We got passed by little bakery tuktuks – tuktuks that are filled with cakes and bread and play a little tune. My favourite one plays Santa Claus is Coming to Town. We were accompanied by a dog for quite a while – we stroked it when we stopped for a drink. Another guy gave it a pancake, but it obviously knew people who loved dogs as it didn’t give the guy a second glance before it came with us, wagging it’s tail the whole way until we got to town and it turned back. We also got stopped by lots of people just for a chat – “where?” is “where are you going?” and “crazy” is “why are you walking from Akurala to Hikkaduwa?”. We even got offered a lift for free but we explained we were long of leg and big of belly so it was good for us to walk carrying 15kg of stuff each.

We arrived at Hikkaduwa just in time for the sunset

but found that our card was still blocked. We found a little restaurant which had wifi and managed to change a couple of dollars into rupees so we could have a beer and get something to eat. I phoned the bank and eventually got them to unblock the card after a very stressful 15 minutes of security-grilling. I have no money, my priority is not to remember my stupid memorable place I thought of three years ago, it’s to get you to understand I HAVE NO MONEY!! But both cards are now working again now so all good.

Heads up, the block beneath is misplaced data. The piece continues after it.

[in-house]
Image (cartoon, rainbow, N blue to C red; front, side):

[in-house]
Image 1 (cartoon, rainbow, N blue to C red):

We were pretty hungry after our walk (which ended up being nearly 13km due to the cheaper guesthouses being at the other end of Hikkaduwa) so went for a cheap rotty, or filled chappati/pancake thing. When we got there, it also said kottu on the menu so we decieded to try that. The old man making it was amazing as he could turn little lumps of dough into pancakes in seconds. He fried up vegetables, bacon and chicken and then got two huge chopping knives and rhythmically chop-diddy-chop-didy-chopped at full volume until everything was smushed up into tiny pieces. Soy sauce, chillies, a fresh egg and then it was done

It tasted a million times better than it looks!

We went for a quick drink by the beach and then to bed, absolutely knackered. We spent this morning on a pilgrimage to the cashpoint so we could use the now-unblocked cards and plan to spend the day at the beach and going for lunch with one of the guys we met on our walk yesterday. To celebrate the use of our limbs (quite an occasion when you’ve spent the last couple of days lying on the beach!) we might break out the matching teeshirts. Oh yes. You have been warned.

Sihanoukville

20 Feb